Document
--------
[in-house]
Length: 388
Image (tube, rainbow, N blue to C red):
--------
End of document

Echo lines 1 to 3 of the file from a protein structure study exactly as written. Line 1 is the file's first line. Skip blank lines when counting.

[in-house]
Length: 388
Image (tube, rainbow, N blue to C red):